We provide the knowledge and scientific criteria of a multidisciplinary and international research team, connected with the scientific centers and multilateral reference bodies throughout the world. We transfer knowledge and contribute to the training in excellence of the future research generation
Cities are projected to hold two-thirds of the world’s population by 2050 under a period of intensifying climate change. Ensuring sustainable, climate-resilient, and equitable cities will require moving beyond incremental adaptation to transformative adaptation. What does transformative adaptation mean for cities, and how can it be achieved, particularly in cities with low adaptive capacity?
Ibon Galarraga and Elisa Sainz de Murieta, researchers from the multidisciplinary centre BC3 - Basque Centre for Climate Change, have participated in and edited the latest special edition of Ekonomiaz, that addresses adaptation to climate change in ten different articles
BC3 - Basque Centre for Climate Change participates at the 2020 European Mobility Week. Since 2002, EUROPEANMOBILITYWEEK has sought to improve public health and quality of life through promoting clean mobility and sustainable urban transport. The campaign gives people the chance to explore the role of city streets and to experiment with practical solutions to tackle urban challenges, such as air pollution. BC3 as an interdisciplinary research centre on the causes and consequences of climate change takes the opportunity to show the research that we are doing to understand the impact of mobility in the climate emergency.
The latest article by Elena Galán de Castillo, researcher at the multidisciplinary centre BC3 - Basque Centre for Climate Change, published in Mundo Ganadero summarizes the results and consequences on the effects of moving from two milkings per day to one in small ruminants
The extent to which the increasingly frequent episodes of drought-induced tree decline and mortality could alter key soil biogeochemical cycles is unclear. Understanding this connection between tree decline and mortality and soils is important because forested ecosystems serve as important long-term sinks for carbon (C) and essential nutrients (e.g., nitrogen and phosphorus).
During the Holocene (last ~11,700 years), societies have continuously modified the landscape of the Mediterranean Basin through changes in land-use, exerting extraordinary pressures onto the environment and adding variability to the climate. Despite its importance to current land management, knowledge of how past land-use practices have impacted the regional climate of the Basin remains largely in the scientific sphere.
FUNCAS, with BC3 - Basque Centre for Climate Change collaboration, has released a new book about low carbon transition in Spain. "Transición hacia una economía baja en carbono" book has been edited by BC3 scientific director María José Sanz and BC3 senior researcher MIkel González-Eguino.
FUNCAS is a private non-profit organization created and financed by CECA, as part of its social-charter investments, to carry out activities that will benefit Spanish society, promote a culture of saving and help raise awareness of the services savings banks offer to the community.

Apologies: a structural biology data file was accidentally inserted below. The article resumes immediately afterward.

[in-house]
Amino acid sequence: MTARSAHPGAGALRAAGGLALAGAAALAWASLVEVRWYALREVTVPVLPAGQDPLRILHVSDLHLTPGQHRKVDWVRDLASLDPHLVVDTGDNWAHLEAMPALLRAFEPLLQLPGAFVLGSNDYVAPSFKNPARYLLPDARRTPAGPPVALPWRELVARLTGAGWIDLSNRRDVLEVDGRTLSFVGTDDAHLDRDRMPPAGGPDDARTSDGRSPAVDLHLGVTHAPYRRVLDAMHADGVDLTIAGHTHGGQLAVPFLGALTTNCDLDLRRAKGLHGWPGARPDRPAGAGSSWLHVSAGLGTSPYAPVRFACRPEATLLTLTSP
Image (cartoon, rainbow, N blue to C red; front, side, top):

Public perception of climate change can either facilitate or hinder the implementation of climate policies. This perception is dependent on a number of influencing factors, called drivers, in ways that are still not clearly understood. Our study quantifies the relative strength of drivers of climate change perception, taking into account differences in the social, political, geographical, economic and educational identities of any considered community.
Multiple large-scale restoration strategies are emerging globally to counteract ecosystem degradation and biodiversity loss. However, restoration often remains insufficient to offset that loss. To address this challenge, we propose to focus restoration science on the long-term (centuries to millennia) re-assembly of degraded ecosystem complexity integrating interaction network and evolutionary potential approaches. This approach provides insights into eco-evolutionary feedbacks determining the structure, functioning and stability of recovering ecosystems. Eco-evolutionary feedbacks may help to understand changes in the adaptive potential after disturbance of metacommunity hub species with core structural and functional roles for their use in restoration.
Atmospheric carbon dioxide enrichment (eCO2) can enhance plant carbon uptake and growth, thereby providing an important negative feedback to climate change by slowing the rate of increase of the atmospheric CO2 concentration. Although evidence gathered from young aggrading forests has generally indicated a strong CO2 fertilization effect on biomass growth, it is unclear whether mature forests respond to eCO2 in a similar way.
Financiado por el Ministerio de Ciencia Innovación y Universidades y la Agencia Estatal de Investigación,
a través de la Convocatoria: Maria de Maeztu 2017 (BOE 21/10/2017) siendo la referencia de nuestro expediente: MDM-2017-0714
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